by Alexander Green, Chief Investment Strategist
Friday, May 18, 2007: Issue #675
I made my first brilliant investment in 1981.
That was the year I walked into Flagship Bank – which was later bought by Barnett Bank, which was later bought by NationsBank, which was later bought by Bank of America – and opened a checking account.At the time, Fed Chairman Paul Volcker was a man possessed. He was determined to snuff out inflation no matter how high rates had to go. And, eventually, he got the job done.
No, it wasn’t a free toaster that made this feel like a stroke of genius. It was the fact that Flagship was paying money market interest rates on new checking accounts. And money market rates were near an all-time high – 16%.
In the meantime, earning 16% on my money with no stock or bond market risk seemed like a terrific idea. After all, stocks and bonds were going nowhere except down.My brilliant investment paled considerably in the luxury of hindsight.
However, it wasn’t long before the glory – and high returns – began to fade. Interest rates started coming down – fast. And, needless to say, so did the yield on my Flagship money market fund.
Meanwhile, stocks and bonds – which had been beaten to a pulp while rates were going up – began to lift off in earnest. And wouldn’t peak for nearly 19 years. (26, if you don’t mind riding out a couple bear markets.)
Today the situation is quite different. According to Crane Data, a research firm, the average yield at the 100 largest money market funds is 5%. Yet money is pouring in anyway.
You think hedge funds are hot? They can’t hold a candle to the cash inflow at money market funds right now. And in today’s issue, we’ll review Vanguard Funds some of the best in the business right now. But first, let’s look at the pros and cons of investing in money market funds
Piling $600 Billion Into Money Market Funds
Money markets funds currently hold over $2.4 trillion in assets. And recent growth has been impressive. Investors have piled a fresh $600 billion into these funds over the last two years.
Is this a smart thing to do? Yes and no.
- Yes, if you have a specific short-term saving goal in mind, like accumulating a down payment on a house or paying next fall’s college tuition.
- Yes, too, if you’re weighing the advantages of cash vs. short-term bonds. Right now you can earn only 4.65% in two-year Treasury notes and 4.69% on 10-year Treasury bonds. So you actually earn a higher yield by taking less risk. (So much for the old chestnut about risk and return going hand in hand.)
Of course, there’s also my experience at Flagship Bank to consider. What if short-term rates start come down?
Then money market yield will drop – and stock and bond prices are likely to get a lift.
This is exactly the scenario a lot of smart money managers are banking on. For example, Bill Gross, manager of the biggest of all bond funds, the $103 billion Pimco Total Return Fund, predicts the Federal Reserve “will cut rates and cut them significantly over the next few years in order to reinvigorate an anemic U.S. economy.”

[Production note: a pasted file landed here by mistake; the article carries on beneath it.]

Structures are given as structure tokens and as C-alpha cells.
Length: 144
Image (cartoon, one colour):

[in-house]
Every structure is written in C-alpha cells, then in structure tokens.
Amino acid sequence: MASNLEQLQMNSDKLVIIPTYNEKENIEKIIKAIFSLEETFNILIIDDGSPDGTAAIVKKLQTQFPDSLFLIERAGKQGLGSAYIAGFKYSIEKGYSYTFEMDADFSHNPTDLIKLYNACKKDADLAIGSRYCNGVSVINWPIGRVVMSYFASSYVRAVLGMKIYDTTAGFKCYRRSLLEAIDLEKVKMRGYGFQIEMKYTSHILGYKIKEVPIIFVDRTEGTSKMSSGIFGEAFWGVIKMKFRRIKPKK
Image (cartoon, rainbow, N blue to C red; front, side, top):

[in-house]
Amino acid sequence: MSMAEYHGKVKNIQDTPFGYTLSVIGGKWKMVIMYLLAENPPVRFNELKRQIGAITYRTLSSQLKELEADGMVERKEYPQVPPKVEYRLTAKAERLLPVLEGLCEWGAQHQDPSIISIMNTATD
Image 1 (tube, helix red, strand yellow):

Ian Sheperdson, chief American economist at High Frequency Economics in Valhalla, NY, agrees. He expects the Fed to cut its target rate on overnight bank loans – the fed funds rate – to 3.75% by March of next year. If he’s right, money market yields will drop from 5% to about 3.25%.
But are these Fed bulls right? That’s the $64 million question.
Unfortunately, my crystal ball is in the shop this week. So I suggest you hedge your bets. Keep some cash in money markets and spread some out in a laddered portfolio of bonds, too.
Vanguard Mutual Funds… The Best Money Market Funds Today
A cheap and easy way to do this is with Vanguard mutual funds. You can use, for example, the Vanguard Short-Term Investment Grade Bond Fund (VFSTX) and Vanguard Intermediate-Term Investment Grade Bond Fund (VFICX). (For more information visit Vanguard.com or call 800-662-7447.) Vanguard offers low minimums, rock-bottom expenses and monthly dividend reinvestment.
The Vanguard Prime Money Market Fund (VMMXX) isn’t a bad place for your cash either. According to Bankrate.com, it’s the nation’s highest-yielding money market fund, with a current 7-day yield of 5.23%.
The Vanguard Tax-Exempt Money Market Fund (VMSXX) yields 3.86%. If you’re in the 35% tax bracket, you’d have to earn over 5.5% taxable to top it.
Money market funds aren’t sexy, I know. And if the Fed starts cutting rates later this year, the yields won’t look so hot either.
But if you have cash sitting around in a local bank or brokerage account, my guess is you’re probably earning roughly half what the Vanguard funds are paying. Perhaps less. As the weeks slip by, you may be leaving an awful lot of cash on the table.
So it’s worth making a phone call to see what you’re getting paid. Just tell them the folks at Flagship sent you
Today’s Investment U Crib Sheet
Money market funds invest in short-term securities with maturities of less than one year. The holdings in the Vanguard Prime Money Market Fund, for example, have an average maturity of 65 days. Right now, 56% of the fund’s $85 billion in assets are invested in Certificates of Deposit, and another 37% are invested in commercial paper and U.S. government debt. And while most money market funds are open-ended mutual funds, and aren’t FDIC insured, they are one of the safest places to park your cash
Moody’s gives 96% of the securities in Vanguard’s Prime Money Market Fund a rating of “Aa1″ or better. (See Moody’s ratings scale.)